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Turnbull: Financially sound business plan will not guarantee NBN success

Turnbull: Financially sound business plan will not guarantee NBN success

The Shadow Communications Minister hinted that regardless of whether the full NBN business case can financially justify the $35.7 billion network is irrelevant to its eventual success.

Malcolm Turnbull opens Vocus' new Sydney datacentre.

Malcolm Turnbull opens Vocus' new Sydney datacentre.

Shadow Communications Minister, Malcolm Turnbull, has suggested he will not support the National Broadband Network (NBN) regardless of what the full business case documents entail.

Under mounting pressure from Independent senators in parliament, the Federal Government released a condensed NBN business case last month which entailed select financial details on the network.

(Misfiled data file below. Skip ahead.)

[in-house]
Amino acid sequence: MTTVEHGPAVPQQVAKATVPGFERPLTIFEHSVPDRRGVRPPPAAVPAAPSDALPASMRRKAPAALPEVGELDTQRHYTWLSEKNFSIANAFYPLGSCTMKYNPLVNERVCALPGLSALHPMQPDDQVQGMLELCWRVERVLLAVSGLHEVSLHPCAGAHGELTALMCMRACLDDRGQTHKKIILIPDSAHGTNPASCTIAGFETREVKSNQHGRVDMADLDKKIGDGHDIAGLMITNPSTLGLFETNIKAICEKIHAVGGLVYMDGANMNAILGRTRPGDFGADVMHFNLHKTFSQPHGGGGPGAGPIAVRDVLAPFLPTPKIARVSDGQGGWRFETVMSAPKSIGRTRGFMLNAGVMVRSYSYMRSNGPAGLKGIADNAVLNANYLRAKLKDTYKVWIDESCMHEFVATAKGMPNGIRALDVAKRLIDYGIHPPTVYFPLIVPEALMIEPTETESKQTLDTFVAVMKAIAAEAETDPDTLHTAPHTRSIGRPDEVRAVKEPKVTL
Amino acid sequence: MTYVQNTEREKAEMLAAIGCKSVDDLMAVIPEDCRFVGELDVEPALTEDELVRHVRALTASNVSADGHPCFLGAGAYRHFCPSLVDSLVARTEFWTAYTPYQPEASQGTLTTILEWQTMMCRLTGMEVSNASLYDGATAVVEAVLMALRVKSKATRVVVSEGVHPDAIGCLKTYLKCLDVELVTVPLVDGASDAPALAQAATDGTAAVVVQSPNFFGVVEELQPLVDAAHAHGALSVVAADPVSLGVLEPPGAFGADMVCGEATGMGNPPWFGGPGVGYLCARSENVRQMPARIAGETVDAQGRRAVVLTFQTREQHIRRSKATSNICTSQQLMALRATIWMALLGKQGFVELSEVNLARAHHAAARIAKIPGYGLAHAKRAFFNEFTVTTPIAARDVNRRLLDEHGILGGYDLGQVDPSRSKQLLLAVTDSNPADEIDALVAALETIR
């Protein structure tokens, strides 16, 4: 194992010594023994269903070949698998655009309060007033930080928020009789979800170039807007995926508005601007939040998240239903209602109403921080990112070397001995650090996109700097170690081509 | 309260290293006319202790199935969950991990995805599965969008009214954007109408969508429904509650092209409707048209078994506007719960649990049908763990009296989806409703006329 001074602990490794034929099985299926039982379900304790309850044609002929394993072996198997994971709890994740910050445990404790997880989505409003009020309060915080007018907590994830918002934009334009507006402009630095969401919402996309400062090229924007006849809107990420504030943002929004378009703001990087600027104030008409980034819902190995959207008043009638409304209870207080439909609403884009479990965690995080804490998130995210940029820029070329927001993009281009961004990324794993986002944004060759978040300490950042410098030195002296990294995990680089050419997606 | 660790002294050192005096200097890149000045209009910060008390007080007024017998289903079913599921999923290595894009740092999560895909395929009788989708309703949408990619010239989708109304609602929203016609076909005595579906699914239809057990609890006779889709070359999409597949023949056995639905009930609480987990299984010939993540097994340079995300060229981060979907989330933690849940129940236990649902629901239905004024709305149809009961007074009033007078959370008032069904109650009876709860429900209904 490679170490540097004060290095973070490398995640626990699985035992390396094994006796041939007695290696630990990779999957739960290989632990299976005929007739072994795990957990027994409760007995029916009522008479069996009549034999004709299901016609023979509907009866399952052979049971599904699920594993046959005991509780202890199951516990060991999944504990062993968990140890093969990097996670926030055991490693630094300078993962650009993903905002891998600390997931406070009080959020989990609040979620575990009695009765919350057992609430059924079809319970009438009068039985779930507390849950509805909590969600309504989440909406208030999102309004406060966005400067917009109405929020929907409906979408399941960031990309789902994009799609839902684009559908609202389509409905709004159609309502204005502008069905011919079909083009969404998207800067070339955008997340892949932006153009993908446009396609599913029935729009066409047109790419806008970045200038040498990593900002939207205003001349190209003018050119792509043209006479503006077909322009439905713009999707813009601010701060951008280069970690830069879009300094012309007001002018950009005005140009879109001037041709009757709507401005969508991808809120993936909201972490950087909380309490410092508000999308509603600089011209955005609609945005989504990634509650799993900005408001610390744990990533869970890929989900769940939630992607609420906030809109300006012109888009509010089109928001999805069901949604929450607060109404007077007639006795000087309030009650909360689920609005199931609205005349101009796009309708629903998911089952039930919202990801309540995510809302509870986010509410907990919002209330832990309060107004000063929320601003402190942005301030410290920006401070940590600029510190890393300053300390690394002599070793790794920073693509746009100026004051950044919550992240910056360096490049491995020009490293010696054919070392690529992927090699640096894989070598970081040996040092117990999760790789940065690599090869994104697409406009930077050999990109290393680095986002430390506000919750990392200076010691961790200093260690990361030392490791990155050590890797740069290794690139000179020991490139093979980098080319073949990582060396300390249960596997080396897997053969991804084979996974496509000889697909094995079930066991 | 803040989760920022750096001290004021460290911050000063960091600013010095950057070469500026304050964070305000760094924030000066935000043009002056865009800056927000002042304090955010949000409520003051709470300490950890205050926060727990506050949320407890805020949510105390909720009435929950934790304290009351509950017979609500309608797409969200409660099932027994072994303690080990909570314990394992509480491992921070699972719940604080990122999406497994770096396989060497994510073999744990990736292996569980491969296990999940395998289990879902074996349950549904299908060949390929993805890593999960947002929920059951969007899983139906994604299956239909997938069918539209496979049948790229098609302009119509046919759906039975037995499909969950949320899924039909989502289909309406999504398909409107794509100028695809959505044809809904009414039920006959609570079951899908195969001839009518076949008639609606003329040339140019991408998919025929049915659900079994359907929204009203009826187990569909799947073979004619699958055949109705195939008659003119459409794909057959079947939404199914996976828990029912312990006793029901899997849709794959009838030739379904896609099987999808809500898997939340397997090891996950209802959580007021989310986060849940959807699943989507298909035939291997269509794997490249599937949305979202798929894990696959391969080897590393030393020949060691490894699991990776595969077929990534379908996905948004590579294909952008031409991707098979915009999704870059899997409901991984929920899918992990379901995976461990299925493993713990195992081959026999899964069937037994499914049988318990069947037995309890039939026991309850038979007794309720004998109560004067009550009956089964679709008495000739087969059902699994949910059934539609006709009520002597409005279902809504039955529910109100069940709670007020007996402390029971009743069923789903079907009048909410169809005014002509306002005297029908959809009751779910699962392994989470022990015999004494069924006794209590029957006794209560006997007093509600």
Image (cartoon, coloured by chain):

The full NBN business case is expected to be released this week.

Speaking at the launch of Vocus’ new datacentre facility, Turnbull said he expects the document to be “short of all relevant financial details”.

Drawing on his experience in the private business sector, Turnbull hinted that regardless of whether the full NBN business case can financially justify the $35.7 billion network is irrelevant to its eventual success.

“Just because [a company] can produce a business plan with good numbers doesn’t guarantee success,” he said. “There is not one bankrupt business – not one – that didn’t start off with a fabulous business plan.

“They couldn’t have received the credit if they didn’t have the business plan to suck in investors and lenders to then go broke.”

Turnbull’s alternative to the NBN is to separate the customer access network from Telstra and to establish it as a standalone regulated utility. It will have a guarantee of pricing to ensure a good return. Regional areas blackspot broadband network build-outs will be subsidised.

He estimates the price tag of his plan will be no more than several billion dollars.


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Tags Malcolm Turnbullnational broadband networkbusiness caseNBN

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